Monday, February 6, 2017

An Evening With "Haathi Mere Saathi"!

I stumbled upon a hit film of yesteryears "Haathi Mere Saathi" (1971) on the telly last night. I have vague memories of having seen it in my childhood. I remember it to be a popular entertainer that most parents took their children to. It was an attractive combo of a circus and a movie rolled into one. Good music, superstar Rajesh Khanna (this is one of his 17 hit films between 1969 and 1971) and the lovely Tanuja added to its appeal.

I watched the film with today's eye that is used to generous doses of technical gimmickry and virtual reality. None of that here. This must have been an ambitious project to undertake at that time because of the extensive use of animals during its making. It is amazing how the numerous scenes have been shot in real time with the four elephants dominating the frames (pun intended!).  In fact, in some scenes you wonder if they were emoting! They walk, run, dance, push and pull a car, cry, perform Ganesha pooja, summon a doctor, engage in amusing tricks and stunts during road shows with their master, and above all; try to save his marriage! Earlier, at the time of his wedding, the feast for the animals was a treat to watch and had me wondering how long it must have taken them to shoot that scene. The elephants, the big cats and others come, take their seats on neatly arranged chairs and enjoy the food served lovingly by their master and his new bride. How cool is that!

I like noticing the actors' makeup, hair and clothes while watching old films. Tanuja with her tight pants and short tops doesn't look outdated at all. In fact, her wardrobe fits well with the current trends. Her hair is another story though. Her makeup could have been better too. Rajesh Khanna wears his trademark guru kurta in some scenes, while in others he wears shirts with a round collar, two rows of buttons and long sleeves without cuffs. Sometimes the shirts are matched with the trousers in bright feminine colours. In one scene he sports a black guru kurta with pink trousers! One can only cringe in horror looking at his wardrobe. In some shots, his shirts are unable to hide his paunch and give away its clear outline showing behind them, a distinct difference from today's actors with well-toned bodies and six-pack abs. The crinkling of the eyes, the bending of the head to one side and shaking it are all very much there. The pimples are unmistakeable (remember the old joke Mummy Dimple, Baby Twinkle, Papa Pimple?) and together with the mannerisms and the wardrobe, make the persona of the much adored superstar.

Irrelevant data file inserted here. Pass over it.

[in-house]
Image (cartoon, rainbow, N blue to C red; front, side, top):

The film is laced with the usual fare of those days. There is a wicked Munimji, an evil villain, an upright hero with his unusual four-legged friends, a doting dad, and a darling daughter who addresses her father affectionately as "daddy" and asks the hero angrily to "shut up" in their first meeting. The story by producer Sandow M M A Chinnappa Thevar is very predictable, at times jumpy and having loopholes in places. But watching the film more than four decades later, I realize that I didn't notice any of this when I first saw it in a huge cinema hall. I guess, the lure of the big screen, the life-like images of the stars, the dialogue, the music and the ambience of the place was too overwhelming to notice such small details. Also, generally you saw a film only once, so there was no chance of looking at such things later.

The celebrated pair of Salim Javed wrote the screenplay (their first collaboration) but the spark in their talent was yet to appear. Inder Raj Anand's work as dialogue writer is pretty ordinary. Wonder if Salim Javed could have done a better job had they written the dialogue. Laxmikant Pyarelal's music is a winner. All the three duets are sweet and with a lilting tune. For Sun ja aa thandi hawa, they put the lead pair in two hammocks for the entire duration of the song. A novel idea saving them the trouble and the monotony of running around trees. Solos are good too, two happy and a sad one, the evergreen Chal chal chal mere haathi being kids' favourite.

A story has it that Rajesh Khanna used the signing amount that he received for this film to complete the transaction of buying his bungalow "Ashirwad". He did set up his pyaar ki duniya (world of love, also happens to be the name of his zoo in the film) with his family in that bungalow. All those are things of the past now. What remain are such moments that have the power to transport you back to those days!